Lone Capitol Police Officer Lured Rioters Away From Senate Chambers: The Hero ‘Likely Saved Lives”

A U.S. Capitol Police officer is being hailed as a hero for cleverly steering a mob away from the Senate chambers during last week’s riots.

Footage shows Officer Eugene Goodman all alone and just a few steps ahead of rioters. They’re waving Confederate flags and shouting at him as they chase him up a flight of stairs inside the Capitol building.

Goodman can be seen covertly looking at the entrance to the Senate, just a few feet away, then he lures the intimidating rioters in the opposite direction, risking his life.

At one crucial moment, he notices the leader glancing toward the Chamber, and Goodman distracts him by shoving his shoulder, then backing away in the opposite direction—and the crowd follows him.

In the dramatic video from HuffPost’s Igor Bobic, which you can watch here on Twitter, Goodman faces the crowd from just inches away, yelling for them to stay back.

Just one minute later, authorities managed to seal off the chamber, protecting all those inside, while the lone officer leads them up more stairs to a landing where he is finally supported by more police officers.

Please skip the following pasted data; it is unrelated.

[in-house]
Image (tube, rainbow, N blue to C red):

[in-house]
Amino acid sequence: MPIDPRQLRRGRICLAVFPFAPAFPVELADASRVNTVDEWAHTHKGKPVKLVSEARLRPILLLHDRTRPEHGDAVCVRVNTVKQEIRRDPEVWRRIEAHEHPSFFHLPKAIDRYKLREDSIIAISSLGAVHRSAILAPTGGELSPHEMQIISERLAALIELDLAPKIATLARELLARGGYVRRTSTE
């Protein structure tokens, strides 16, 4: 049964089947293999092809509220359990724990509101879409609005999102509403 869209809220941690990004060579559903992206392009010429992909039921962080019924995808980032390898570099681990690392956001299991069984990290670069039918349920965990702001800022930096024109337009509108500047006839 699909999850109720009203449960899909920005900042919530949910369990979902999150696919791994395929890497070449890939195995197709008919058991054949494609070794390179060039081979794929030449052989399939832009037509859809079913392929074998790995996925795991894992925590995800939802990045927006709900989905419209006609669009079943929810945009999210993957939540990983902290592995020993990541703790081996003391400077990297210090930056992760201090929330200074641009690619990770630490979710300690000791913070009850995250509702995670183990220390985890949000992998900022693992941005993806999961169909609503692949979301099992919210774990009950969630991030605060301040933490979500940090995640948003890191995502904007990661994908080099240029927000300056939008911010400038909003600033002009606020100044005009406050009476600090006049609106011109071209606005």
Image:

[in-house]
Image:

Goodman, a veteran of the U.S Army who served in Iraq, is being praised for his bravery and decisive action during the harrowing situation.

“I don’t think there was any type of training that would prepare you for that situation,” New York Law School criminal law professor Kirk Burkhalter told the BBC.

Since Wednesday, Members of Congress have been calling for Goodman to be recognized with the Congressional Medal of Honor for his work.

U.S Representative Bill Pascrell, Jr. tweeted on Sunday: “… this brave USCP officer kept murderous rioters away from the Senate chamber and saved the lives of those inside. God bless him for his courage.”

Senator Bob Casey shared that sentiment, writing, “Last Wednesday, I was inside the Senate chamber when Officer Eugene Goodman led an angry mob away from it at great personal risk. His quick thinking and decisive action that day likely saved lives, and we owe him a debt of gratitude.”